her own terminology several times). As far as I know (and please correct
me on this, if I am wrong) ther term "kama-loka" as a specific purifying
after-death state was invented by either HPB or her Adepts, and is not found
in any Buddhist or Hindu literature, and the same with Deva-Chan.

Daniel:<Is there a "Kama-Loka" within Globe D's "sphere of effects"? >

I don't think so. I look at Globe D as being pretty much located
on the physical plane. Kama-Loka (the after-death state) is located
on the astral plane (per AB/CWL) and is highly charged with emotions (most
of which are being purged here). In the AB/CWL worldview (can I call it that?)

physical things are located on the physical plane, emotions are located on the
astral plane, and thoughts are located on the mental plane. I rather like this
arrangement. It tallies well with my own experiences, and the terminology
is easy to remember and to understand. Also, it dovetails nicely with the
Qabala. HPB is doubtless more technically correct, but she is difficult to
understand to the point where theosophists, even today, are still arguing
over what she taught. I also look at the Globes from a different angle. She
primarily viewed them from the perspective of the Rounds, Root-Races,
and so on. G de P as well. I look at them from the perspective of what is
called pathworking. This puts me in the uncomfortable position of seeming
to advocate psychism - which I do not. I seem to rile Eldon all the time about
this, for example. He takes me to task about leaving the physical body and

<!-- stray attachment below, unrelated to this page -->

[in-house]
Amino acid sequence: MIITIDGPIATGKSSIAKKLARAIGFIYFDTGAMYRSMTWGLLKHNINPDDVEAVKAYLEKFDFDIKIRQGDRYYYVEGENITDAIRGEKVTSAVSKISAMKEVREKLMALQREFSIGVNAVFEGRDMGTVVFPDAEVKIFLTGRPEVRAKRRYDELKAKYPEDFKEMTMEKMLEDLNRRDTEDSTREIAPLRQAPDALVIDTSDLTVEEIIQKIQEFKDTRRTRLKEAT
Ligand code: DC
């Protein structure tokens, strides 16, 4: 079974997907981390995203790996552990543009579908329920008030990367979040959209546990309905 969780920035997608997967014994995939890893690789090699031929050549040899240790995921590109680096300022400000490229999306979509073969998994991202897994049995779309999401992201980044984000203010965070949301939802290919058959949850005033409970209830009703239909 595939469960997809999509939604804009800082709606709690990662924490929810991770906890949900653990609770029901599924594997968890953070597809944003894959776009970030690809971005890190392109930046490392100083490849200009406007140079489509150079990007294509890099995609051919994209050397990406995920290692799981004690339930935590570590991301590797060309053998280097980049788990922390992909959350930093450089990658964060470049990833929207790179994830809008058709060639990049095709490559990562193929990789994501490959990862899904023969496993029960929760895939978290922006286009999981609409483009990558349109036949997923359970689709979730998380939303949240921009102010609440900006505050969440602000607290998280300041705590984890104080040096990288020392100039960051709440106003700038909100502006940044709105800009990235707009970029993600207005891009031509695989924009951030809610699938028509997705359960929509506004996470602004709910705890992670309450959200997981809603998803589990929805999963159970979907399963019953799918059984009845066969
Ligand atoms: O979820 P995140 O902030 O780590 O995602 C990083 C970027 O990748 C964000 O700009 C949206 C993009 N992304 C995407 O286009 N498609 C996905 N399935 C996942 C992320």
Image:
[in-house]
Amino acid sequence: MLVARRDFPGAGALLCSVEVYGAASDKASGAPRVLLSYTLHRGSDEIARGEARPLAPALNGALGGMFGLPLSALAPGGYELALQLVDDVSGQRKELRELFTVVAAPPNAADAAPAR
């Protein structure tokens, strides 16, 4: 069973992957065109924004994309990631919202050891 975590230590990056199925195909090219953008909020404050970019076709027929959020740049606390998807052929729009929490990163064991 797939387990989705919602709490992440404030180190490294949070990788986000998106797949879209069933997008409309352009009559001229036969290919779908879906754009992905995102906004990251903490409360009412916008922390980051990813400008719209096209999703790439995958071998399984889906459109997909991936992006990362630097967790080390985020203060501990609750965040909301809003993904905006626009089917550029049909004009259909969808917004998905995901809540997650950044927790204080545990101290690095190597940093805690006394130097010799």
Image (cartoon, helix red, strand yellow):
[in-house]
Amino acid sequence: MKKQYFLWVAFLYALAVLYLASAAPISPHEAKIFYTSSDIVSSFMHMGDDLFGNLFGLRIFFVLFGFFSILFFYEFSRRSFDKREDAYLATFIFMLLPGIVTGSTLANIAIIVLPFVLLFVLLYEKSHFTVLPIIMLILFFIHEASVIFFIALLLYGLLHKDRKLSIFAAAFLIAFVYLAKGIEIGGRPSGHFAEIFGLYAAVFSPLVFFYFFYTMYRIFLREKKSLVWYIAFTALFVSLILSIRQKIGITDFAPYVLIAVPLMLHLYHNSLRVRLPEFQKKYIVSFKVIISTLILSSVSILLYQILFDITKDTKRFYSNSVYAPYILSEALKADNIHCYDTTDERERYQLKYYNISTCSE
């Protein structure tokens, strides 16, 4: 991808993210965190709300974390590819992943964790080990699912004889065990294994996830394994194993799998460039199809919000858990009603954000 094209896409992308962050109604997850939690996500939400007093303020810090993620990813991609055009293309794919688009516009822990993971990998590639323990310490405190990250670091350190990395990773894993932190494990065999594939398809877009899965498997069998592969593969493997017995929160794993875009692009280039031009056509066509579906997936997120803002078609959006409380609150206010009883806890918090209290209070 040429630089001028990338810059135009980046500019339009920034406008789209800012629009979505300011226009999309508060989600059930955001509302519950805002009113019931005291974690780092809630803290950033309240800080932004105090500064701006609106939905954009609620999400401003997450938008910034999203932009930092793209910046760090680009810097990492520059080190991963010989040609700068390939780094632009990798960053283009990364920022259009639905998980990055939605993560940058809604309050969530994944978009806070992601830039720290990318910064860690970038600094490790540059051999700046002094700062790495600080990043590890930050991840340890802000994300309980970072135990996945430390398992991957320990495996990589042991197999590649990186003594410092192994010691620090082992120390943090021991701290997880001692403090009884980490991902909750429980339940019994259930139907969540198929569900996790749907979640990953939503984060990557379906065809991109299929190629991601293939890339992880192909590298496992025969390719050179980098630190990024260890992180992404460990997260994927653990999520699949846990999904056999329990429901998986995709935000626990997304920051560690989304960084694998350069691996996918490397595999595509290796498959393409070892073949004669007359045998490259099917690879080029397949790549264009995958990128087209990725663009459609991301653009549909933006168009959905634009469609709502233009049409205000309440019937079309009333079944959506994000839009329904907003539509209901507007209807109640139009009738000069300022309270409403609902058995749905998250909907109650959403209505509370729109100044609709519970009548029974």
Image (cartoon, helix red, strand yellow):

visiting the Globes all the time. But I think that the danger is overrated, and

I have learned much by doing this. I guess its all in one's viewpoint (?).

Daniel C:<I agree that there may be more than one "kama-loka" but let us
 not increase the number by seeing "misunderstanding" where there is none.>

The only misunderstanding is in my own perception. I don't
believe that I ever accused anyone else of "misunderstanding." If so, I
apologise. The GV, like the Sephiroth, is only a model, and there are many
ways of looking at it (probably all with some validity). The only "proof" to a
is how well it works, and how well it predicts things. The GV Model that I have

generated, based on my own understanding and my own synthesis of various
theosophical writers (so it will never appeal to the purists of any TS) works
well for
me, and thats all I can ask of it.

Daniel C:<Relevant passages from the Mahatma Letters and the Secret Doctrine
 on this subject have been collected together and published in Adam Warcup's
*Cyclic Evolution: A Theosophical View*, See pp. 6-9 and 57-62 on "The

I haven't seen this one. The problem here is that these "source
teachings" are very subject to interpretation (does this sounds better than
saying they are confusing?). Also, there is a little difference between
viewing the Globes in terms of Rounds and Root-Races and in terms of
pathworking - which views them in terms of individual experience in the
here-and-now rather than from a historical perspective.

Jerry S.